The Covey is an alternate farm and open land wildlife management group with interests in quail but also in songbirds, woodchucks, and small game in general. Although there are few quail in the region (as compared to Piedmont-Virginia), there are huntable populations and they are an important bird within the interests on biodiversity and general quality of life. The Covey operates a membership with newsletter and seeks to demonstrate intensive management of farm game, showing maximum populations. These population levels (with computer models describing natural differences) are then suggested as reasonable alternatives and limits and thus limits to cost-effective expenditures. Such limits are poorly known and those that are available are rarely used.
A set of alternative management strategies is available and these, along with innovative work, will be conducted onRural System Tracts. Practices and strategies found successful may then be suggested for other lands.
Similar to The Deer Group, The Raccoon Group, and The Wild Turkey Group, The Covey is a single-species approach to wildlife management.
|Bicolor , a bush lespedeza, Lespedeza bicolor, has been a favorite plant for quail. Recommended for edges, it produces substantially more seed when open grown.|
The group publishes books and photographs for profit on quail, conducts tours and field trips, sponsors special hunts, conducts public lectures on quail-land management, establishes survey routes, and provides expert consultation for land owners. It cooperates where feasible with others interested in quail but offers an alternative that is very field-oriented.
|Looking for something different for breakfast?
Try quail eggs.
They have all the nutrition of chicken eggs but less cholesterol.
Place hard-boiled quail eggs in salads for a special treat.
Pickled quail eggs are a cocktail-hour favorite.
Ask for Rural System quail recipes.
|Pickled Quail Eggs
Hatchery quail eggs, Water, Salt,Vinegar (white), Kroger or other pickling spice, Onion or other flavoring optional
Put eggs in pot and cover them with cold tap water with about 1/2 cup salt and 1 ounce vinegar per gallon of water. Boil for approximately 3-5 minutes. Test for solid yolk by breaking 1 egg after 3 minutes. Stir eggs a few times while they boil to keep yellow (yolk) in the center. When done, put eggs in very cold water, then in white vinegar for 12 hours.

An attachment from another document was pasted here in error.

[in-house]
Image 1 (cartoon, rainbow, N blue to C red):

Peel eggs (strip membrane). Place in jars. Mix 1/2 white vinegar, 1/2 water, 1 cup salt per gallon solution, 1 box pickling spice per gallon and small amount of onion, if desired. Bring to a boil and pour over eggs in jars. Seal. Let stand at least 2 weeks before eating.
Quail have declined in some areas of the state because of radical changes in land use, human occupancy, pesticide use, and increase in specialized predators. They can be abundant on areas where the conditions are right, made so by the intensive work of wildlife managers. Not a "multiple-use" program, unusual patterns of land use and use rotation are required. Wishing for the return of high quail populations or expecting land-use reversals is normal but the probability of that working (wishing) is very low. Building on some progress already made with the state programs in quail management, this program demonstrates on the land the high productivity of quail that can be gained with superior management.
|Pen-raised birds offer special sporting opportunities.|
See The Covey Card as a marketing tool.
See also GPSlips for marking areas of quail flushes.
See http://bringbackbobwhites.org/existing Southeastern Quail Study organization and see Quail Unlimited and the Southeastern Quail Study Group.
The Virginia Quail Action Plan provides cost estimates for that State effort.
Perhaps you will share ideas with me about some of the topic(s) above .
Robert H. Giles, Jr.
July 2, 2005